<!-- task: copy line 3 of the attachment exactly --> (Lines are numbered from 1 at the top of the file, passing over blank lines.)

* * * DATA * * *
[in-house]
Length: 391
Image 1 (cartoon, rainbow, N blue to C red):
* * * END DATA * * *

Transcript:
Image 1 (cartoon, rainbow, N blue to C red):